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30 March 2020

View down a side-street

With the aim for organizing waste collectors into cooperatives, the International Labour Organization (ILO) has launched a “Rapid assessment of the waste management market in Senegal for the use of the cooperative advantage in the sector” and a “Rapid assessment of the potential for a cooperative approach to waste management in Senegal”. The launch will include national workshops with UNIDO, focusing on the plastics value chain, to discuss on the creation of a new industry around plastic, with high employment and income potential.

View down a side-street

Like many other countries, Senegal suffers from a lack of access to waste management services and the poor urban population of Senegal’s cities suffers disproportionately from the problems linked to the poor management of solid waste: pollution of the air, surrounding waters, etc. In addition, waste pickers are mainly low-income women and men who migrate from rural areas to collect, sort and sell waste from the streets or landfills, working in unprotected conditions and increasing health risks. By organizing in an associative or cooperative form, waste pickers can access economic formalization and social inclusion and benefit from market access, occupational health and safety, social protection and a stable income.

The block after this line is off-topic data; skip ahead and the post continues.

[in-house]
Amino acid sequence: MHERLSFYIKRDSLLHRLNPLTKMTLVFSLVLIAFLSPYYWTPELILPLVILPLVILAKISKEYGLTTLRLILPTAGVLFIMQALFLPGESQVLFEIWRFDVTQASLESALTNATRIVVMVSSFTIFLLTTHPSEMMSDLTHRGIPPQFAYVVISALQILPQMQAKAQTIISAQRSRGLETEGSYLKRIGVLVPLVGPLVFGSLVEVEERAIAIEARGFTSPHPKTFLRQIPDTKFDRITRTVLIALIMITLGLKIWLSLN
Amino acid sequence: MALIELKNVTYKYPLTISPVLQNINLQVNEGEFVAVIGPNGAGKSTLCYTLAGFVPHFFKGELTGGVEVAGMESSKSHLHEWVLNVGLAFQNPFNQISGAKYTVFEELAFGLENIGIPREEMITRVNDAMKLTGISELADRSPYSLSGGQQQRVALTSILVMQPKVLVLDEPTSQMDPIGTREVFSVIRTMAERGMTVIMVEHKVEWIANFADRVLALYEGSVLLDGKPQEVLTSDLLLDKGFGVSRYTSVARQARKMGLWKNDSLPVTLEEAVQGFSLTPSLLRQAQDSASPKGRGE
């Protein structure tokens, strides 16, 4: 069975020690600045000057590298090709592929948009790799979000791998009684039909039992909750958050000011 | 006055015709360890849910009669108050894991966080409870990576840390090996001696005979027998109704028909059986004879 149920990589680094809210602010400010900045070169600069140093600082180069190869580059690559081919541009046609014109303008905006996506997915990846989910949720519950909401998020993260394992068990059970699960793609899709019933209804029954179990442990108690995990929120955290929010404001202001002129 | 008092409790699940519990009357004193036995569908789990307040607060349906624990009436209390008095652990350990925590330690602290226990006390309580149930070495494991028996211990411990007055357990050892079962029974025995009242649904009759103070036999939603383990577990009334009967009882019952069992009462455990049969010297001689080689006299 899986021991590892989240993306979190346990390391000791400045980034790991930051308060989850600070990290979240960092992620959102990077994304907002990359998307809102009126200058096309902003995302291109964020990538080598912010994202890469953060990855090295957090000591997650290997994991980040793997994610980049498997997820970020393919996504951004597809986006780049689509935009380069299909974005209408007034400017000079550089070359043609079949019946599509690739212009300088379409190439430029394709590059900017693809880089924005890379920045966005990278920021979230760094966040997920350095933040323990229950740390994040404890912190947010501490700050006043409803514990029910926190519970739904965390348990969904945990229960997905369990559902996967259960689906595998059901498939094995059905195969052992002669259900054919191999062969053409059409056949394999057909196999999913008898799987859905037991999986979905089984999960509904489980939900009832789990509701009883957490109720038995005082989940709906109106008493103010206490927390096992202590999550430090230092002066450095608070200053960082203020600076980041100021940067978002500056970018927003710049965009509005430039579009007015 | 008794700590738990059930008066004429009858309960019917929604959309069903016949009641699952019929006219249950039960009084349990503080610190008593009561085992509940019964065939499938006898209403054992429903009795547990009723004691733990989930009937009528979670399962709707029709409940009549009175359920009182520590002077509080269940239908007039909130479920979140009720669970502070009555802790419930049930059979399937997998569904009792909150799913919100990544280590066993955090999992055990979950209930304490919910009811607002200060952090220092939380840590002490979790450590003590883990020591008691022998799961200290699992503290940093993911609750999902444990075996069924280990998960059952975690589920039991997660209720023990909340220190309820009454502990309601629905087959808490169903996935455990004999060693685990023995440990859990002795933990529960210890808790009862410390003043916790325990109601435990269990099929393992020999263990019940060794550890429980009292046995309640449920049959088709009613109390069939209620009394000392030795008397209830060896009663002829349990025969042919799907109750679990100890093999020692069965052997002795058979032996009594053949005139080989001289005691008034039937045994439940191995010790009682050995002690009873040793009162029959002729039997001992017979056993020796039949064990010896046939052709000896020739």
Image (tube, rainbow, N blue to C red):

In this vein, the ILO, in 2019, established a partnership with WIEGO (Women in Informal Employment) to explore the possibilities of organizing informal waste pickers from Mbeubeuss into cooperatives to improve their working conditions. In 2019, the two organizations co-organized a workshop bringing together the main national institutions involved in waste management, including the Ministry of the Environment and Sustainable Development, the National Waste Management Program and the President and 20 members of an association of informal waste pickers in Senegal. 

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